I should like to ask the Minister of Agriculture to consider two proposals to introduce suitable Orders and to carry them out. Proposal one is to make dehorning compulsory; proposal two is to get Treasury sanction and approval that all calves dehorned or polled when the calf is certified for subsidy receive an extra £1 per head as soon as possible. Farmers benefit greatly from dehorning. In my part of the world a dehorned beast makes approximately £5 a head more than a similar horned beast. Dehorned beasts graze better in the field and do better in the yards because there is less bullying. Why are we in this country behind Northern Ireland and the Republic, where dehorning is compulsory? I know that the Government answer will be that Irish cattle are mostly exported on the hoof, and that as a result of de-horning less damage is done in transit here. But there is, of course, considerable transport of cattle born in this country. Therefore the same argument applies to United Kingdom cattle as to Irish cattle. Surely we should move with the times and dehorn. The only exception might be with Highland cattle.


My Lords, I should like to support what the noble Lard, Lord Nunburnholme, has said. We ought to come to the stage where we deal only in dehorned or naturally polled cattle. I declare an interest in trying to breed dairy cattle with no horns, and I should have thought that we ought to get an extra subsidy for such efforts. The cruelty in dehorning, even with the pain-killing injections, is great. It wastes time. It costs money, and it sets the calves back. And to do it with more adult animals is cruel. For all these reasons the suggestion made by the noble Lord, Lord Nunburnholme, merits serious consideration.


My Lords, although I agree with my noble friend Lord Nunburnholme that there is here a case for asking for an increased subsidy, on this occasion I content myself with saying that I suppose we have to be grateful that the Government's passion for false economy and for putting up the price of food has not extended to this area of subsidy. I welcome the Scheme, and I thank the noble Lord, Lord Denham, for his lucid explanation of it.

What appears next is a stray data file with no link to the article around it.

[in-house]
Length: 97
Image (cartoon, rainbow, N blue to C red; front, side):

I would also take the opportunity, however, of saying that I hope that the noble Lord will see that the points that have been put about dehorning will be considered. I understand the point about the extra distances involved in the transport of Northern Irish cattle; but this is only a difference in degree and not in kind, so far as the hazards are concerned. Therefore I hope that the noble Lord will be able to give an assurance that, even if this is not a suitable sort of Order in which to make a change, he will on some other occasion bring forward other legislation relating to this matter.


My Lords, I am most grateful to all noble Lords who have spoken in this short debate. I can give an assurance to the noble Lord, Lord Beswick, that everything that has been said on this occasion will be most carefully considered. I cannot definitely give an assurance (the noble Lord would not expect me to) that legislation will definitely be brought forward on this point. I am particularly grateful to the noble Lord, Lord Nunburnholme, for his specific exclusion of Highland cattle, since I have rather a personal interest in these cattle, and I think it would be a great pity to see Highland cattle compulsorily without their horns even if there be a dehorning policy for all other breeds.

As your Lordships will have realised while you have been speaking, there are particular reasons as regards Northern Ireland for the dehorning legislation. As I say, everything that has been said on this point will be considered. But the passing of an Order such as this is probably not the occasion to introduce incentives for a new policy such as dehorning, or indeed to decide on definite future legislation on the subject. But I am most grateful to all noble Lords who have spoken.

On Question, Motion agreed to.